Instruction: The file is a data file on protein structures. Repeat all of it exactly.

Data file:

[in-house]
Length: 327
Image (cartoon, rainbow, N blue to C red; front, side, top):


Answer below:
[in-house]
Length: 327
Image (cartoon, rainbow, N blue to C red; front, side, top):